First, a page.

The Han and Roman Empires Comparison

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The Han and Roman empires were the most advanced and influential second-wave civilizations. Despite these empires having little contact with the other, they both had flourishing societies and vast developments in technology. Like The Great Wall in the Han dynasty and aqueducts in Rome. The Roman Empire’s attitude toward technology was that technology’s best use was for both, aesthetics and practicality and it took little ability to create these technologies. While the Han dynasty differed in their attitudes focusing more on practicality and technology benefiting the public.

The Romans attitudes towards the best uses of technologies were centered around their usefulness and aesthetic as can be seen in documents 6 and 8. This can be seen in Plutarch’s description of Roman roads in Document 6. Plutarch explains how the roads not only were fixed but the “beauty” and “grace” of the roads. This shows the Romans not only focused on practicality but on aesthetics. In Document 8 Frontinus gives a report of Roman aqueducts. Reporting where and how the water is distributed to places including fountains and public buildings. The fountains once again reestablish the idea of the focus of aesthetics in Roman technology.

Many Roman aristocrats, like Cicero and Sineco in documents 5 and 7, the creation of these technologies was unimportant and vulgar. These attitudes can be seen in Cicero’s writing, a Roman political leader, in Document 5. Cicero believes the craftsmen jobs are “degrading” and “vulgar”, and that there is nothing enlightening about these jobs. This shows Cicero’s belief that the creation of technology takes no specialty. His belief is rather unfair, as Cicero was born into an aristocratic family and never had to experience what it’s like to be a part of the working-class. His message was likely directed toward other aristocratic elites due to the fact many lower-class citizens would not have had access to his book. Roman attitudes toward technology can also be seen in Document 7 by Seneca, a Roman Philosopher. Seneca believes although the creation of these technologies may be of a “wise man” it is not of someone who is “great or elevated”. Once, again showing the idea that the invention of these technologies takes no actual talent.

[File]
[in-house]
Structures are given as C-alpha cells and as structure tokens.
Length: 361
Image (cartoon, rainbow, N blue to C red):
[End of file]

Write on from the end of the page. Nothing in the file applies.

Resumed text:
The Han dynasty’s attitudes toward technology, contrary to the Romans, where it should be used to benefit everyone. This can be seen in Document 1, where a government official explains how people need to be assigned to various positions to prepare the city for floods. This shows the technologies were used for the benefit of the public rather than just the elite. This can also be seen in Document 2. Huan Guan explains the state had control over tools for the peasantry. This shows the government ensured the working class had the appropriate tools for their jobs.

Only documents of aristocrats were given, including political leaders and philosophers. This makes it hard to truly understand the attitudes of the entirety of these civilizations. If writings of the lower-class or peasantry would have been given this would have given a much better perspective of these civilizations.


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The Han and Roman Empires Comparison. (2022, Apr 04). Retrieved from https://samploon.com/the-han-and-roman-empires-comparison/

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